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KDT's Gidion's Knot a tumutuous tour de force

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Gidion's Knot

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Like any other genre of art and literature, theatre is not obliged to comfort and entertain us in the conventional sense, though it does need to hold our attention. It can be exasperating and provocative, while still being intriguing and compelling. Such is the case with Johnna Adams' drama, Gidion's Knot, a descent into volcanic disquietude, if ever there was one. Sometimes theatre needs to fracture our complacency, jostle our cozy beds, challenge our sense of security. All that being said, Gidion's Knot comes from such a bottomless well of aching and chaos, we feel as if we're poking our heads down the tiger's gullet.

Gidion's mother Corryn, keeps a parent-teacher appointment, though Gidion's teacher, Heather (Leah Spillman) assumes (as anyone might) that she will not be there. Almost immediately following his suspension, 11-year-old Gidion has committed suicide, mortifying faculty and student body alike. Under these appalling circumstances, Heather concludes that grief and mourning would eclipse any need to discuss something as relatively trivial as disciplinary action. Corryn's actions seem irrational, yet understandable. She needs answers (Gidion's despondency is a shock to her as well) so she confronts Heather, desperately needing to comprehend her son's motives. Needless to say, adult suicide often leaves us grappling for answers, but an 11-year-old boy? It seems beyond belief.

Heather is evasive as Corryn (Jenni Kirk) tries to interrogate her, but even as Gidion's situation is revealed, the details are confounding. Gidion was a not a discipline problem, nor was he a pariah. That is, not until he begins circulating a story he's written, probably inspired by the epic warrior poetry of ancient cultures. The story is a virtual catalog of atrocities, rape, mutilation, brandishing entrails on a broomstick, and the worst part is he references the names of actual teachers and other students. As Gidion's narrative unfolds, an intense (probably homoerotic) dynamic is evinced, between himself and one of his friends.

Convinced that showing Corryn the story will make the reasons for his suspension obvious, it backfires, and she denounces Heather and the principal et al, as Philistines. She points out the lyric passages of the piece, which admittedly, are there. But we also must bear in mind, Corryn teaches this very kind of literature to adults in college, though she has acquainted Gidion with it, from an early age. During the course of their dialectic, Heather dismisses Corryn's theory that her son was a tortured genius. Then we discover that Heather has been awaiting news from the veterinarian, regarding her elderly cat, who must be put down. Corryn lambasts and badgers Heather, for seeking tidy refuge in euthanizing her animal companion, without being present to ease her suffering.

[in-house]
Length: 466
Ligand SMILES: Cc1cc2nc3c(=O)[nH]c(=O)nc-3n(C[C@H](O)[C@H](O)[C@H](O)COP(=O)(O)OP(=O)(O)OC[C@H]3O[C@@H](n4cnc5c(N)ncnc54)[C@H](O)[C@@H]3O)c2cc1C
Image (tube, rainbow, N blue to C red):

You don't need a degree in psychoanalysis to grasp that Corryn is projecting culpability on Heather and the school, for ostracizing Gidion. On a more personal level, it's easy to see why Heather's predicament with her cat raises Corryn's hackles. She missed the chance to be there for her son, when he was in excruciating pain, and hasn't reached the point of exploring what she might have done, to prevent his irreversible act of despair. Perhaps nothing. One of the grueling aspects of Gidion's Knot is that no one saw his suicide coming. Who could imagine even an older child in this much pain, with so much resolve to end his life?

A curious point in this play (a piece awash in curiosities) is Ms. Adams' fierce insistence that we have no sympathy whatsoever for Gidion's mother, a character that we'd naturally be weeping for. She begins cordially enough, but Corryn is abrasive, frenetic, arrogant, and hostile. Yes, the circumstances make this completely understandable, and it's clear that Gidion's Knot is trying to raise some very difficult questions. In a post-Columbine society, we can imagine a child being suspended for much less, and yet we have to wonder if the school's solution truly took Gidion's welfare into account? We might ask ourselves if we, as a culture, are providing children with adequate tools to process the casual, pathological level of violence we are all exposed to on (at the very least) a daily basis?

The fact that Corryn, an adult, with her grown-up context for appreciating literature that addresses these complicated issues (battle as homophobia, degradation of the vanquished , oracular evisceration) would bring these verses to her son's bedtime ritual, muddies the waters considerably. It's admirable that Corryn tries to clarify these repugnant aspects of human behavior, but when she extols the brilliance of the Marquis de Sade, we have to question her judgment. We've all heard that de Sade was a genius in the abstract (by no less than Susan Sontag) but should a child (even a prodigy) be expected to wrestle with such perplexing riddles? Has society failed Gidion, or his mother, or both? Is Gidion (whom we never see) merely a construct or should we take the plot at face value?

After years of attending theatre, there is no doubt in my mind that Gidion's Knot is one of the most wrenching, astonishing, powerful experiences I've ever had. Leah Spillman and Jenni Kirk deserve special accolades for their absorbing, gripping performances in this merciless ordeal.

Kitchen Dog Theater presents Gidion's Knot, playing April 3rd -26th, 2014. 3120 McKinney Avenue, Dallas, Texas 75204. 214-953-1055. KitchenDogTheater.org

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